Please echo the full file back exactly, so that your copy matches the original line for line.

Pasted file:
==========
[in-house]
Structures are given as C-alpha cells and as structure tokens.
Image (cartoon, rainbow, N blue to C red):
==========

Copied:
[in-house]
Structures are given as C-alpha cells and as structure tokens.
Image (cartoon, rainbow, N blue to C red):